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Official statistics released last week reveal that abortions in England and Wales in 2019 were recorded at 207,384 among residents – the highest number ever since abortion was legalised in 1968.

The figures rise even more when non-residents are taken into account, with 209,519 women getting abortions at clinics across England and Wales. This represents an increase of 3.4% from 2018.

Numbers have risen sharply, particularly among women aged 30 and over. Furthermore, the proportion of women undergoing an abortion who had had an abortion before rose to 40% – a 6% increase in the past 10 years.

More abortions for minor disabilities

The figures released by the Department of Health and Social Care also reveal that there were more than 600 abortions of children diagnosed with Down’s syndrome. There were 17 recorded abortions for children with either cleft lip or cleft palate.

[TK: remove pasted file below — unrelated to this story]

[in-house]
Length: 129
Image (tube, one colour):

The statistics show that there were a total of 3,183 abortions on the grounds of disability. This represents a 53% increase in the last ten years.

This comes as MPs, led by MP Fiona Bruce, recently brought a bill before Parliament to ban aborting babies with minor disabilities.

Abortion becoming easier

With the government’s double U-turn introducing ‘DIY’ at-home abortions at the end of March 2020, abortion has since been made even easier. The abortion industry estimated that during the first 13 weeks of lockdown, some 44,000 women would ‘need’ access to home abortions. Six weeks after its Pills by Post scheme began, BPAS has said that it has issued over 8,000 women with the abortion pills.

Republished by permission of Christian Concern. 

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